Cleasby said NewCo is not currently in a position to discuss the value of the proposed deal, adding that this will in large part be determined by negotiations with the BRPs, which have yet to begin.
He was coy on how Newco will pay for the assets if the proposal is successful.
“The consortium has a number of mechanisms available to it. What is ultimately decided will depend on the quantum required based on the outcome of the negotiations.
“This is why negotiations must get underway soon to enable the consortium to definitely conclude these critical arrangements,” he said.
Cleasby said the consortium has received overwhelming support from growers, the broader industry and affected stakeholders.
But he said this support will only be concretised when the terms of a deal are agreed with the BRPs at Tongaat so the ultimate partners to the consortium can be confirmed.
Cleasby said the offer to join the consortium will be extended to the more than 11 000 small-scale growers and 400 commercial and land reform growers that supply the Tongaat mills, as well as a number of strategic partners.
“How many of these parties choose to participate in the consortium and what their shareholding will be will depend in part on the deal reached with the business rescue practitioners at Tongaat Hulett.
“This is why we would like to see negotiations get underway as soon as possible, so that these critical details can finalised timeously,” he said.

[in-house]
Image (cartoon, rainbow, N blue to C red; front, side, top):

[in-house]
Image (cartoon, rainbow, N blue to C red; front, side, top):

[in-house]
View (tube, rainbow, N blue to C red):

Cleasby said the consortium’s vision is to create a collective investment in the assets of NewCo by all Tongaat-supplying growers.
“We envision a 51% black shareholding, with the majority of this comprising black growers.
“This will ensure that NewCo meets the industry’s transformation objectives. Realising this vision will depend in part on securing the necessary development funding for the empowerment shareholding,” he said.
Cleasby said NewCo represents one of the few viable opportunities to save more than 11 000 small-scale growers, more than 20 000 jobs in the cane growing sector alone, and a significantly greater number of indirect job losses in the region.
“It is also an opportunity for commercial growers and small-scale growers to align and optimise synergies for mutual viability and sustainability over the longer term,” he said.
Proposal ‘should be considered ‘
Shareholder activist Chris Logan said in principle, the concept of the farmers taking control of these assets of the whole value chain has a lot of merit and is an option that should be considered.